After selling off its dairy herd, Ohio prisons will pay $2.6 million a year to buy milk for 50,000 inmates. An existing state contract with four Ohio dairies was expanded on May 31 to include milk for state prisons, according to records from the Ohio Department of Administrative Services, the business arm of state government. The state needs about 1.3 million gallons of milk annually for inmates. … In the meantime, the Ohio Department of Rehabilitation and Correction has sold about 1,000 dairy cows. Another approximately 2,000 beef cattle are scheduled to be sold this fall. The milk money is needed because of the April 12 decision by the prisons agency to get out of the farm business. The announcement came as a surprise, especially as the department was in the final stages of completing nearly $9 million in improvements to the prison farms. … Some have suggested other possible reasons for the quick turnaround, including potential buyers eager to snap up 7,000 or more acres of farmland at 10 sites across the state. …
Tentative interest in prison farm land surfaces
Source: Chris Balusik, Chillicothe Gazette, May 8, 2016
About 220 inmates work on the farms at the height of the farming season, and Mohr believes the millions of dollars that could be raised through the land sales could end up helping thousands more inmates through job training programs, rehabilitation efforts, transitional housing and rehabilitation services. The sales, expected to result in the end of prison farms by 2017, may face a stumbling block. The Ohio Civil Service Employees Association, a union with 56 members who work at the farms as farm coordinators and dairy operators, filed a temporary restraining order Thursday in the Franklin County Court of Common Pleas to stop the closure of the 10 prison farms. … Union president Christopher Mabe also doesn’t understand why a prison farm operation that was looking at expansion of facilities in London and Marion to boost meat and dairy production for the prison system is now looking to shut down. …
State to shutter 10 prison farms, sell off land
Source: James Ewinger, The Plain Dealer, April 12, 2016
The state is shutting down its century-old prison-farm system to save money and focus on new rehabilitation programs, according to the Associated Press. Christopher Mabe, president of the 30,000-member Ohio Civil Service Employees Association, said in a telephone interview Tuesday the move was political but said it was evident from conversations with state officials that they don’t quite know what they are going to do. The union represents 8,000 employees in the Ohio Department of Rehabilitation and Corrections, including more than 50 who work at the 10 prison farms, one of which is at Grafton in Lorain County. … The Columbus Dispatch reported that ODRC plans on eliminating all 10 farms covering 12,500 acres, with 2,300 beef cattle and 1,000 dairy cattle, by the end of the year. The state will continue farming this year but prepare to auction off livestock and stop farming by 2017, prisons director Gary Mohr told The Associated Press. … Prison officials said the state will keep open a 21,000-square-foot meat-processing plant at the Pickaway Correctional Institution in Orient, Ohio. The state may partner with a private company to get more business for the plant, according to the Dispatch. However, a milk-processing plant is expected to close.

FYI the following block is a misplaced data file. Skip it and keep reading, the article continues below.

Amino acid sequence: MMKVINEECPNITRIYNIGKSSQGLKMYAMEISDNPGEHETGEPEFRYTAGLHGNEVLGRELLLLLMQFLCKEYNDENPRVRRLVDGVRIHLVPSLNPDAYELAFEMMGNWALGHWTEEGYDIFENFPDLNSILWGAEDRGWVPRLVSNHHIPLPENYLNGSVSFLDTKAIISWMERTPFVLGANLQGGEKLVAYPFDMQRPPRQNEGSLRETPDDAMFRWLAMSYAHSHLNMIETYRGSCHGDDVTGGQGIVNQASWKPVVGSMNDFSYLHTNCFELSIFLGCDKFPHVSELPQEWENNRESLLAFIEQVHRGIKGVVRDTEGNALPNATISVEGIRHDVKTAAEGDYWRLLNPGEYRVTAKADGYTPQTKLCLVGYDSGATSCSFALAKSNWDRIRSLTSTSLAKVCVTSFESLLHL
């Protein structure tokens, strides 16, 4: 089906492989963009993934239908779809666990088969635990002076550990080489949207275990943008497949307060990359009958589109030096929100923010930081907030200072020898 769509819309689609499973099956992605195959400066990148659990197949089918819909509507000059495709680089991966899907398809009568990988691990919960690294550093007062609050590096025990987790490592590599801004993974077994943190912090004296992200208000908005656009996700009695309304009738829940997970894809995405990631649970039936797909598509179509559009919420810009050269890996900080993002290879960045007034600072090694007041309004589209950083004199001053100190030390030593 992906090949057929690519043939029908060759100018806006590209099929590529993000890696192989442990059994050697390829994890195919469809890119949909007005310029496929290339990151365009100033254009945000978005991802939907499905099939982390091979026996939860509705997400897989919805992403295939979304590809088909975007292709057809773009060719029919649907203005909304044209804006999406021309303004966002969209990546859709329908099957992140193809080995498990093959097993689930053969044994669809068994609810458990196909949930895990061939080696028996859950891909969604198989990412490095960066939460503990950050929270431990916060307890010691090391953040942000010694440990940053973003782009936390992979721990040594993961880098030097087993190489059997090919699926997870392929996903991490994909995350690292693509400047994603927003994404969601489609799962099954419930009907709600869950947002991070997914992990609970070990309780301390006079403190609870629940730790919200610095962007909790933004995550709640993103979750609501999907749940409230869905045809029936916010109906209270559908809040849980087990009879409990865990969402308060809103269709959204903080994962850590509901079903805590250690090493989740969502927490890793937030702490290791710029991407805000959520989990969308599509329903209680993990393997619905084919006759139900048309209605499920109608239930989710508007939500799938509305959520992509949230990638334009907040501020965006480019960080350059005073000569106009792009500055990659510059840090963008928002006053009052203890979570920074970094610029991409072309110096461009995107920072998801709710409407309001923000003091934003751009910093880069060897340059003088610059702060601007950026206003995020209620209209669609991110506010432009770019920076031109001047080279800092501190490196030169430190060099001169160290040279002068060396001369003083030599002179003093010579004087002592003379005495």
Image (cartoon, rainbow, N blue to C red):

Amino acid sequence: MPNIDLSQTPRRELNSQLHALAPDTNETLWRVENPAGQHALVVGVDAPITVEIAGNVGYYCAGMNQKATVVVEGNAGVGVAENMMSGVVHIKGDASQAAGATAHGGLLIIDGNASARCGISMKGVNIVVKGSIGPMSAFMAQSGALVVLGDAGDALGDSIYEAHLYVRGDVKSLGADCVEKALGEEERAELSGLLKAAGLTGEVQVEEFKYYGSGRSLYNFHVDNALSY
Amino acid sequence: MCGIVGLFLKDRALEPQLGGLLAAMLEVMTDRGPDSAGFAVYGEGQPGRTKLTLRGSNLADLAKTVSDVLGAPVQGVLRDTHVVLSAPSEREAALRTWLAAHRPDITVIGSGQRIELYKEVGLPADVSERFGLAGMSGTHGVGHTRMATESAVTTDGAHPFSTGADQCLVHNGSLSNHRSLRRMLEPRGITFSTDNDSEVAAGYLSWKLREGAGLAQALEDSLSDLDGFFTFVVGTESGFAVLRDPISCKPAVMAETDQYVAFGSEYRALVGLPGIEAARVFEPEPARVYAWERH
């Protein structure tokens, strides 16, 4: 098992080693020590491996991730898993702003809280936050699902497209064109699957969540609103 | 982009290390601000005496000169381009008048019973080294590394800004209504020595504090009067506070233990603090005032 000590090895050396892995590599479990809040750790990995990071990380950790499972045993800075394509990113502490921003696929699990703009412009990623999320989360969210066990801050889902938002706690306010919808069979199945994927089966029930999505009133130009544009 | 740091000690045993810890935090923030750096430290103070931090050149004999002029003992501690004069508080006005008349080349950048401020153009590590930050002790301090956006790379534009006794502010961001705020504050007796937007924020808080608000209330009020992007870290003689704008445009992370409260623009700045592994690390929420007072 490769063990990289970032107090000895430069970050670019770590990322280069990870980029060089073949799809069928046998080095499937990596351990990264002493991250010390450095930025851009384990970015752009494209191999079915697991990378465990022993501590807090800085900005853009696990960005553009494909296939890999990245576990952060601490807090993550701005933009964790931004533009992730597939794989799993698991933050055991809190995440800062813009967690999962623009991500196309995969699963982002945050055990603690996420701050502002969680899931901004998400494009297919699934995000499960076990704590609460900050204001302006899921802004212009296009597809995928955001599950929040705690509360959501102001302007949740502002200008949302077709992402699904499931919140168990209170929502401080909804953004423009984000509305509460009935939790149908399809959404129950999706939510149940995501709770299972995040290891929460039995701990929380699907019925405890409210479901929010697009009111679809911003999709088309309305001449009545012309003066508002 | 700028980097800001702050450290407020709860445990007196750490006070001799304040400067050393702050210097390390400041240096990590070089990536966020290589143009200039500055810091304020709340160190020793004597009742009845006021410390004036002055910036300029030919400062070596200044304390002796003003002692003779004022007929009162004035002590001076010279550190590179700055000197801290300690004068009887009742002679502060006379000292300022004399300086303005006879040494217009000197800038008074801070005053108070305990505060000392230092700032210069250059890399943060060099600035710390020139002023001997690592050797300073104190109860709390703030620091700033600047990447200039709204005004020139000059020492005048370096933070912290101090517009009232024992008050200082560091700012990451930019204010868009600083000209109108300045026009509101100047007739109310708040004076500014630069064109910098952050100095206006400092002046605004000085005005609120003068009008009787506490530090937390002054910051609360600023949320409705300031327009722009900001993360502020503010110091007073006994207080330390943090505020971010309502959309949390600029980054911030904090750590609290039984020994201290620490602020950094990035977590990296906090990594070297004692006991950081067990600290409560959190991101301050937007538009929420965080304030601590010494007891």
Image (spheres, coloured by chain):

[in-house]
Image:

State to close all 10 prison farms, sell land
Source: Alan Johnson, Columbus Dispatch, April 12, 2016
Mohr said the closings will affect about 70 staff members and 220 inmates during the peak season. They will be moved to different jobs inside the prisons, but no layoffs are planned. State prisons have been in the farming business a very long time, dating back to 1868 when the first farming operation was proposed for the old Ohio Penitentiary in Columbus. Prison officials said the reason for shutting down the century-old farm operations is not financial, although the state expects to harvest some revenue by selling 7,000 or more acres of farm land. … The Ohio Civil Services Employees Association, the union representing 30,000 state workers including prison employees, criticized the announcement as being done “without much explanation, rationale or plan.” The union said the closings will affect 56 union members who are farm coordinators.
Ohio shutting down prison farms, selling land
Source: Linda Martz, WKYC, April 12, 2016
State prison management told union officials that most farm production would be phased out by the end of 2016, including raising cattle and crops, as well as beverage and milk processing. The OCSEA said the farms have been in existence for over a hundred years “and have been, for the most part, self-sustaining.” In a press release, the union said the farm programs have also been centerpieces for inmate programming and skill-building, with inmates being taught how to operate heavy machinery, weld, drive large vehicles, repair equipment and use a variety of farm tools. … For years, powerful private food lobbyists, like the meat industry, have been lobbying the Ohio Statehouse in an effort to shut down the prison farms and take over the business, union officials said. … Aramark, Ohio’s private prison food vendor, which has been cited for food spoilage, has said it wants to ditch real milk for powdered milk that won’t spoil, the OCSEA said. Aramark has complained of a contract provision that requires it to purchase milk and beef from Ohio Prison Industries, union officials said.